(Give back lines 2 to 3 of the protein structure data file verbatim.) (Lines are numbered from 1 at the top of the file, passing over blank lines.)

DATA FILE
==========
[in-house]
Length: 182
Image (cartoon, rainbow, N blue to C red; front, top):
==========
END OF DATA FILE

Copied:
Length: 182
Image (cartoon, rainbow, N blue to C red; front, top):